Playwright Sheila Callaghan performs a high-wire act balancing wacky humor with risk-taking love in a laugh-and-cry rom-com. Shotgun previously presented her deconstructionist feminist play, Women Laughing Alone with Salad. Director Susannah Martin returns, having helmed Women Laughing, demonstrating with Elevada astute handling and an innate sensibility for the playwright’s witty, poignant and profoundly human works. Martin simply “gets” Callaghan.
Khalil (an engagingly repressed Wes Gabrillo) is an online agitator who has sold his personality — and his soul — to a high-tech corporation. Unbeknownst to his bosses, he seeks to undermine the company’s credibility by creating avatars who spread false information and vitriol on social media. On an awkward first encounter with Ramona (Sango Tajima displays superlative physical comedy genes throughout), Khalil tells her, “My fucking job is to hate them.” We’re not sure if he means the bosses, the avatars, their followers, or everyone.
But he doesn’t hate everyone. In fact, Khalil falls like a meteor from outer space for the waif-like woman he mistakenly thought was a marketing consultant meeting with him to maximize his digital data points. Instead, his roommate Owen (Soren Santos brilliantly nailing the former drug addict/failed screenwriter persona), has set up the socially inept Khalil, hoping to push him into the happily ever after of romance. It is Best Buddy love; a thank you for having dragged Owen’s heroin-addicted ass off the street, paying for his rehab, saving his life, and continuing to forgive his weakness for alcohol and failed love.
If Khalil and Owen are keepers of secrets, so is Ramona. Out of character on their first date, she reveals she has cancer — a button-shaped red port on her chest is used literally and metaphorically to good effect in multiple scenes. She also has a domineering sister, June (toxic love well-played by Karen Offereins), June is a successful Realtor and self-appointed commander-in-chief of Ramona’s chemo treatments, nutrition, sleep schedule, and more. Between moments when she’s not busy being bossy, June dons a thong from a collection she says is colorful, like a vegetable garden, and targets strangers in Starbucks in hopes of finding a Romeo. Experience leaves June with sharp, love-hate attitudes about men.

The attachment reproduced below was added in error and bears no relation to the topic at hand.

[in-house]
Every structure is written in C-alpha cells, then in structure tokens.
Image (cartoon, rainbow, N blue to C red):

Distrustful of Khalil’s motivations and her sister’s ability to navigate love or any other aspect of life, June is definitely not into Khalil or Owen, when they eventually meet. Regardless, Khalil and Ramona tighten their bond while romping through outrageous dates — ice skating, pole dance classes and more — or fighting, having sex and engaging in the deceptions so often found in love relationships. Tangentially, a second romance revs up as Owen finds one-way chemistry for June.
It’s fun to watch without foreknowledge the quartet’s banana peel romantic pratfalls. And the hard hitting secrets, misguided reactions, and crashing hearts would not collide against the funny parts as effectively if revealed here. Either kind of spoiler-spilling would ruin the tantalizing unpredictability of Callaghan’s deft, acrobatic play. Keeping one foot firm planted on the tropes/ropes of overbearing sibling, roommate with issues, awkward first date, “significant” second date and characters clinging to harmful childhood identity, the other foot dangles precipitously in the risky realm of wacko humor, of searching for and being in love, honesty, self-revelation and change. The play’s four characters are relatable, ambiguous composites of everyone known or heard about; not just in the age of the internet, but throughout human history.
Although a few scenes in the two-and-a-half hour production oversell the humor, Khalil’s “theoretical realism” and stretch credibility with Ramona’s perpetual mousy victimhood and people-pleasing, the brief excursions into cancer are consistently and efficiently effective. Always occurring downstage left in a downcast pool of white light, Ramona receives a full body cancer scan, reports from lab tests, and more. In other short episodes, actors freeze, then move in slow motion. Ramona is always left alone, the partners drifting off like fog or disintegrating constellations.
Shotgun’s Elevada seeks and, for the most part, successfully manages to hover in the liminal space often mentioned during the play. Described by Ramona as “where magic happens in spaces between horrible things,” it is a location filled with humor, imagination and love, but bound by death, pain and loss. It’s where we live and as long as we laugh, learn and leap into the unknowns, it’s a place of hope.
Through Nov. 17, various times, $7-40, Shotgun Players, 1901 Ashby Ave., Berkeley, 510-841-6500, ShotgunPlayers.org